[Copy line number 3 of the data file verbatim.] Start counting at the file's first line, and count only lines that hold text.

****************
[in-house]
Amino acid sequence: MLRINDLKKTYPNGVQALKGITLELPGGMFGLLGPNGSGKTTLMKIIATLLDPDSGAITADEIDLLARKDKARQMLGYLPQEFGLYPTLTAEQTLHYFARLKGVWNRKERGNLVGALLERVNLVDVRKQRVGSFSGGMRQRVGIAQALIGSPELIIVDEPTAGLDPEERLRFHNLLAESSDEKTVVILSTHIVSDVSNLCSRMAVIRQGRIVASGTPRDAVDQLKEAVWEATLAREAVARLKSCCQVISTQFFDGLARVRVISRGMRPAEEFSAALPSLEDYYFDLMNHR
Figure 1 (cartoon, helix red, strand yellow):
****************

Figure 1 (cartoon, helix red, strand yellow):